Let's talk about something else for a minute. School.
School is good, but it's been stressing me out quite a bit of late, probably making my already frayed nerves a little bit more sensitive. It isn't that the subject matter I'm dealing with is awful, in fact I'm really drawn to it. Notice how I don't say that I love it or am thrilled by it? The only reason for that is that it seems a little irreverent to say I am thrilled by learning about death. Truly, though, the subject matter intrigues me.
For those of you who don't know, I'm studying Thanatology, hoping to become a grief counselor or something close to that in my next career.
In my introductory course, a professional orientation to the program and the field, the workload is heavy, my friends. Not only are there two group projects (with the requisite lack of equal participation), but there are also two individual papers due and the clock is ticking. For one of the papers, I have to go to the funeral of a person I don't know, observe, and write a paper about it. The other paper, the one I'm working on right now, is an analysis of research, and my chosen topic is that of neonatal or perinatal death and parental grieving. When under pressure to come up with a topic, that is the one that popped into my head first, because it is near to my heart.
My mother, at age 18, went into labor with a gush of blood. One of the women at the house with her hurried out into the fields to find my father - they were living on a farm, of course. They were both farm kids, though my dad was freshly back from the war. The story goes that my dad took the wagon (yes...the horse-drawn wagon) up to my grandfather's house (my mother's father) who had a car. They piled quilts into the back seat and placed my mother on them to try to soak up the blood, but by the time she arrived at the hospital, the quilts were soaked through and blood was dripping out of the door when they opened it.
She said there didn't seem to be a rush on the part of the doctors or nurses. They let her lie in bed for most of the afternoon and only really began to intervene later in the evening. Her labor was difficult, made more so because the whole family had shown up at the hospital, anxious for the arrival of the baby. My two grandmothers were arguing over whether or not it was God's will for a woman to be able to vote.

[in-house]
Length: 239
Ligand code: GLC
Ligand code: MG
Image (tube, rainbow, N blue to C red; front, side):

This was a story she told me at length in 2003, when I was doing a paper for college, taking an oral history. She told it all like it had just happened last week. The pain was never far from her.
After the baby, a boy, was born, he was whisked away from her. She survived, barely, and she kept asking to see her little boy. They had named him William Edwin -- William for her father and Edwin, which was my father's middle name.
She kept thinking she heard him crying. She kept asking for him. She heard from her mother and her sister-in-law that he was such a beautiful baby. The doctors kept her a little bit sedated.
Eventually they told her that he had died, that they were having his funeral. She was too sick to go. I can't imagine what this did to her, a teenage girl with a stormy marriage and an uncertain future. Her baby that she had carried for nine months, that she had bonded with, that she loved, was gone and she had never even gotten to hold him. The only look she ever got of him was because the family had a color portrait taken of him in his casket.
Eddie was the most beautiful, perfect, cherubic baby anyone had ever seen. Growing up, we marveled over this precious photograph of our dead brother. As I got older, I wondered how my mother had ever overcome the sadness. Even later, I wondered at all the things that went wrong and why. No one could even tell her why he died, nor did they try. They thought it was better for her to just forget about him and go on. No wonder she had anxiety. No wonder she was depressed and even suicidal at times.
It was a disaster that ruined her life, though she went on to have five more children, and we all lived. There were no support systems back then. There were only trite reassurances that she would have other children, that she was young, that at least she hadn't had much time to bond with him. Oh, but those people, they don't know what a mother feels, particularly the doctors (all male back then). They don't know that from that first flutter, you and your baby have embarked on an incredible love affair that is mean to last for the rest of your - the parent's - life. In a cruel twist, the baby dies in the womb or shortly thereafter.
My paper is all about the kinds of resources that are in place for parents who endure such a tragedy these days. In particular, I'm looking at how online support groups can help parents who are geographically remote, rural people like my parents were. It's quite likely that many research papers and studies originate out of something we encountered in our formative years, some wrong we wished to right, some long-held question we needed to have answered. In striving to attain the long wished-for goal, we help others who are enduring the given experience in the present. What mother might I eventually be able to help by finding new ways to provide better resources for grieving, coping, and healing?
And so, even though the work is hard, my days are exhausting, and my other course is heaping on even more of a load, I am feeling the reward of the research. I'm thinking of my mother and her reunion in 2006 with her little Eddie, the brother I never knew, the baby she only knew from across the thickness of her belly. I am hoping to change the tide so that mothers and fathers are treated with the care and concern they deserve.
The long days and nights are worth it. So worth it.
Peace - D
[photo credit] (That photo is not Eddie. I have no idea what happened to Mom's photos.)